Letters for Friday, October 3, 2008

• Obama will work for all Americans

• Seeing the big picture

• Wading through the junk science

• Great beans, hot or cold

• Charity Walk a success

Obama will work for all Americans

I would like to respond to the letter, “Obama won’t help Hawai‘i, McCain will” by Ralph Winnie Jr.

First and foremost, people, start voting for what is best for your children. And not what is best for your own ego, or what is best for your feeling like you are on a winning team.

Voting is not the same as placing a bet on a ball game.

Mr. Winnie seems to think that the McCain-Palin ticket is aware of our key issues.

Really? That’s so funny that Mr. Winnie should say that because over the last 26 years that McCain has been in office that is what all of my friends here have been saying.

You know about how much McCain has always done for the people of Hawai‘i. And Palin, well, we all know how much she has done for Hawai‘i in the past.

Mr. Winnie also says as the leader of the only other non-contiguous state, Gov. Palin understands intimately the struggles of being isolated from the continental U.S.


Mr. Winnie also says a McCain-Palin administration would align with us on key issues of energy independence, an issue that will define our success for generations to come.

Much the same way as McCain was in touch with our economy?  Saying that the economy was strong, right up to the speech by Bush asking for $700 billion?

Mr. Winnie also says our current administration has a direct line to both the senator and governor, soon-to-be president and vice president.

Governor Superferry (Lingle) will be out of office very soon, and the people of Hawai‘i will not want Part 2 of Lingle/Aiona.

Though we can be proud of our transplanted native son, I think the analysis of exactly what benefits his candidacy brings America is much deeper than just his birth certificate.

Obama will work for all Americans.

• Dennis Chaquette, Kapa‘a

Seeing the big picture

The bailout or rescue — take your pick — is totally unnecessary. We already have a mechanism in place to solve the tight credit problem.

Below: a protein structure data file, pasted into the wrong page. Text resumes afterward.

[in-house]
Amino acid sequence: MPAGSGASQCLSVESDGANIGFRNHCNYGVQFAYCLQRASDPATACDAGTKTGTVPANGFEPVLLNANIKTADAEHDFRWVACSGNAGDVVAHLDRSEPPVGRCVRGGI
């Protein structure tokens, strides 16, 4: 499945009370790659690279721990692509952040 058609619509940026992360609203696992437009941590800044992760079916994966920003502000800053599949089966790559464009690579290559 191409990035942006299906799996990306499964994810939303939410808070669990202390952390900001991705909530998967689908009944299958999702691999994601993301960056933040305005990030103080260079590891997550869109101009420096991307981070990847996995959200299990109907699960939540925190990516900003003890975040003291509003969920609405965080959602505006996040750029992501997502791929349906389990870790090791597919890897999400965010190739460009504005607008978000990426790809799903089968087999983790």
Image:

It’s called the Small Business Administration. If the role of the SBA is expanded by executive order or congressional act, the money that is slated to be paid to banks for the bailout can be funneled into the SBA as needed, to provide the loans that the banks presently are reluctant to make.

The banks have lots of money, but you can’t blame them for tightening credit; they are scared stiff of not being paid back. The competition from the SBA will shake loose some of this fear and the banks will be more willing to eat some of the losses which they created in order to start making money again.

Both Obama and McCain need guys like me, who can stand back far enough to see the big picture, instead of being in the middle of it.

• Harry Boranian, Lihu‘e

Wading through the junk science

I suppose John Cragg, who also writes aka John Tyler, would like us to thank him for his sacrifices and altruism in fighting the evil Superferry (TGI Forum, yesterday).

I’m not sure how someone whose business is teaching swimming in Los Angeles half the year would financially benefit from the Superferry; but, we’ll take his word for it. It is more important to examine how his efforts have blessed those of us who “Live Kaua‘i” all year long.

His Web site is basically unchanged since a year ago. Nothing updated or reexamined except the addition of baseless speculation about the Superferry being a military conspiracy from start to finish.

What his gift to us has been is cherrypicked junk science and hysterical imagination based on poorly connected events in other parts of the world.

We can thank goodness that people we rely on finish graduate school and learn how to discern real science from the garbage out there.

As for me, I say, “John, no thank you.”

• Pete Antonson, Wailua

Great beans, hot or cold

Your Dutch oven story was right on the mark, except that it didn’t mention the most important advantage, a heavy lid which holds a certain amount of pressure.

If you buy a Dutch oven, make sure that the lid isn’t warped, but fits well.

Here’s my Dutch oven recipe for the easiest and best baked beans you’ve ever tasted.

Go to Costco and buy the eight- can package of Van Camp’s pork and beans for $2 (50 cents a can). Put four cans of beans in a Dutch oven with 2/3 cup ketchup, 1/3 cup molasses, and two tablespoons brown sugar. Mix well and cook on stove top stirring frequently until it  bubbles, lower heat and cook off some liquid.

Put Dutch oven in 400 degree oven, uncovered for 15 minutes. Remove from oven and enjoy immediately. They’re the greatest, hot or cold.

• Harry Boranian, Lihu‘e

Charity Walk a success

While it’s a fact that these are difficult economic times for Kaua‘i’s nonprofit community service agencies, there are some reasons to be optimistic.

One of those is the success of the Visitor Industry Charity Walk. In spite of the economy the walk brought in more than $180,000 for Kaua‘i’s community service agencies. That’s a record and is to be applauded.

Congratulations to Doug Sears, board president of the Kauai Chapter of the Hawaii Hotel and Lodging Foundation; to Matt Humphreys, chairman for the Charity Walk, and all the volunteers and walkers integral to the success of the event.

On behalf of our boards of directors, staff, volunteers, recipients of services and supporters we express our sincere appreciation to the Visitor Industry Charity Walk for its support of our agencies. Good work. Thank you, thank you, thank you. May future walks be as successful as this year’s.

• D.Q. Jackson,  Executive Director, Malama Pono

Lori J. Miller, Executive Director, Kauai Hospice

Renae Hamilton, Executive Director, YWCA of Kauai


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